Anonymous the recusant said...

CCHQ it is then Your Grace (though I thing GCHQ fits better).

The BBC is only anti Anglican in the sense that it is anti Evangelical, anti Catholic, or anti Orthodox, these are only symptoms of the larger bias that the BBC is anti Christian. I would caution Your Grace not to give too much emphasis to this divide and conquer approach; it only gives comfort to the meeja luvvies at Sheppard’s bush.

From the Roman Catholic perspective one cannot de-baptise, not matter how many bits of paper you sign or affirmations you make. The mark of Christian Baptism is said to impress an ineffaceable character on the soul, which the Tridentine Fathers call a spiritual and indelible mark. That baptism (as well as Confirmation and Holy orders) really does imprint such a character is defined explicitly by the Council of Trent (Sess. VII, can. ix).

14 March 2009 at 13:57  
Anonymous mckenzie said...

Slinging ink and sword fighting is the way to go.

14 March 2009 at 14:03  
Blogger the ink slinger said...

Have at thee, Your Grace!

14 March 2009 at 14:12  
Blogger the ink slinger said...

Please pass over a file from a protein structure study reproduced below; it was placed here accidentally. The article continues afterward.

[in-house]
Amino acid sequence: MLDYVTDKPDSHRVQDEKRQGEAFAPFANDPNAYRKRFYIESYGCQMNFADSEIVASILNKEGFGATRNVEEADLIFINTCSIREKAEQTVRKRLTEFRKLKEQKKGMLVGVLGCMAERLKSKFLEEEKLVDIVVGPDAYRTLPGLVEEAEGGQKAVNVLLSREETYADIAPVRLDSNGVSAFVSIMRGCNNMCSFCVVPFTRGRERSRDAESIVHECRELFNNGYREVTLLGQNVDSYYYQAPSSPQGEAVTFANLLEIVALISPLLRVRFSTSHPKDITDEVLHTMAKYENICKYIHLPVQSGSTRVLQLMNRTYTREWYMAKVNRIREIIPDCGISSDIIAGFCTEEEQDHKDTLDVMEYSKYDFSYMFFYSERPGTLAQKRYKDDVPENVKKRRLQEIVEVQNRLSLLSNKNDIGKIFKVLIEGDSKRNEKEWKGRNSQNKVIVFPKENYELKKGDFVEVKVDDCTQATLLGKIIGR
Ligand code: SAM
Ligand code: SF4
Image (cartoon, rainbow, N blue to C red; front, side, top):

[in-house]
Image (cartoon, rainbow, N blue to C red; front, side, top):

Oh dear, we see our trusty blade must remain unsheathed.

Glad you included the qualifier, "from a Catholic perspective" there, Recusant.

14 March 2009 at 14:16  
Anonymous len said...

I was baptised as an infant, went on to being confirmed and I can tell you without a shadow of a doubt I wasn`t born again.
I was only born again when I understood That Jesus Christ had suffered for my sins,and his blood had washed me clean ,being born again is through the Grace of God( a supernatural act by the Holy Spirit not by the hands of men)

14 March 2009 at 16:10  
Anonymous Penny said...

I'm with your granddad, Gnostic!

14 March 2009 at 16:35  
Anonymous Voyager said...

Terry Sanderson is a gay lobbyist and author of tomes on the subject - that he hides behind the Secular Society is simply a disguise for his main agenda.

He is somewhat puerile in his activities but ridicule is the best defence

14 March 2009 at 17:15  
Anonymous mckenzie said...

Ink Slinger

You are burdened with original sin, bits of paper will not save you now, anymore than crawling up your mother's vagina could somehow make you un-born.

Your suffering is my suffering.

14 March 2009 at 17:18  
Blogger the ink slinger said...

This comment has been removed by the author.

14 March 2009 at 17:32  
Anonymous the recusant said...

Ahh yes ink slinger, I have to declare an interest, I am, how did you phrase it, Oh yes I have one of those “fevered imaginations of 1.1 billion devoted fantasists.” [papal bull] What can you do, I’ve tried to deny it, hide from it, but every time I think I’m clean, my dealer keeps dragging me back in. Hope you don’t hold it against me, (If you don’t know you might want to research the word recusant).